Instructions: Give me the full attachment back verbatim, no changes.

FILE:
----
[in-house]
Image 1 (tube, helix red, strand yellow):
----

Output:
[in-house]
Image 1 (tube, helix red, strand yellow):